Twice-weekly pig hunts target feral population
Twice-a-week pig hunting in the upper Manoa Valley begins Sunday and will continue for a year, the state announced yesterday.
It's the latest attempt by the Department of Land and Natural Resources to reduce the number of feral animals venturing down from Forest Reserve land to root in suburban back yards.
Some Manoa residents say they welcome the hunters, while others say catching pigs with snares has been more effective.
SPECIAL WILD PIG CONTROL HUNT
» When: Wednesdays and Sundays, sunup to sundown, until Feb. 4, 2008. Trial full-moon hunts also will be scheduled.
» Where: Honolulu Forest Reserve land including the Honolulu mauka trail system, from Makiki-Tantalus across Manoa Valley to Waahila Ridge and including portions of Pauoa Flats west of Makiki/Tantalus ridge.
» Why: To reduce the number of wild pigs rooting in the Forest Reserve, which is the Ala Wai Watershed's recharge zone, and in people's yards.
» Who: Temporary wildlife control permit applicants, who have a valid Hawaii hunting license and photo identification, a vehicle description and license number, and phone number. Call 628-1381 for a permit appointment.
"I think it's necessary," said Terry Day, who lives on Beaumont Woods Place in Manoa Valley. "Nobody's keen on it, but something's got to be done."
"The pigs are very dangerous," Day said. "They've gotten emboldened and come right behind houses everywhere you look. They're used to human smells and noises and are not going to be frightened away."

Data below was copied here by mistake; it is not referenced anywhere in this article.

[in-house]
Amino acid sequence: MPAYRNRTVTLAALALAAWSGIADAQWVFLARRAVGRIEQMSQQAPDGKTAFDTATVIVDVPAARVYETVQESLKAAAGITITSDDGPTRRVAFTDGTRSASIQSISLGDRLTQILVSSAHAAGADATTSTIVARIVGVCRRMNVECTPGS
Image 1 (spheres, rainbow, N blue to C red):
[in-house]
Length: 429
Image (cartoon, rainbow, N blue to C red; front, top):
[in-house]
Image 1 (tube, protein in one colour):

At least not by mere humans. But humans with hunting dogs are expected to drive away pigs they don't catch, said Dave Smith, DLNR district wildlife manager for Oahu.
Though it's impossible to estimate how many pigs there are in Manoa Valley, it is clear that they are causing damage, Smith said. "If hunters are able to hunt in an area, they keep pigs below nuisance level," he said.
Registered hunters can hunt on Wednesdays and Sundays with dogs and knives or with a bow and arrow, but not with guns, according to the DLNR's Division of Forestry and Wildlife.
The Honolulu Mauka Trail System, which includes interconnecting trails in Manoa and adjacent valleys, is normally a nonhunting area, since so many people hike there and residences are close by.
Special hunts were held there twice before: In 2002, using three-month hunting cycles, 15 feral pigs were caught; and in 2004-05, 22 pigs were caught.
Those numbers don't impress Sarah Preble, who has had 22 pigs trapped in her own back yard since 2001, she said.
"I am not impressed with what the DLNR is doing" with the temporary hunts, Preble said.
Hunters using snares on private land are harvesting more pigs than that, Preble said. "One person who does snares has got over 200 pigs out of a neighbor's back yard" over the years, she said.
Smith counters that hunting with dogs affects more animals than the pigs that are removed.
Snares "picks them off one by one, quietly," he said, while the "terrorism" of the hunt "disrupts the population," spreading them out and reducing their reproductive rates.
Hunters who want to hunt in Manoa must apply for a special wildlife control permit. As of yesterday afternoon, no one had applied, but the word is not out yet to the pig-hunting community that the area will be open, said wildlife assistant Mahina Lee.
Pascual Dabis, treasurer of the Oahu Pig Hunters Association, said only two groups of hunters can comfortably hunt Manoa Valley on any one day, "because there's a limited amount of area that they really can hunt."
Many members of the group prefer to hunt in Oahu's 11 public hunting areas or to trap pigs when called by homeowners who want the pigs out.
Dabis uses a box trap to catch pigs and already has nabbed four in Manoa this year. Some others use snares.
Pigs, which are not native to Hawaii, root in the soil for earthworms and other food, Smith said. Their "tilling" leads to erosion, which is bad for the forest, the watershed and the residents downhill, Smith said.